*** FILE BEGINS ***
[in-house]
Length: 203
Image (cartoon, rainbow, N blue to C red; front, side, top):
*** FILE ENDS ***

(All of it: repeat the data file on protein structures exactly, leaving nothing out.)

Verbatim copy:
[in-house]
Length: 203
Image (cartoon, rainbow, N blue to C red; front, side, top):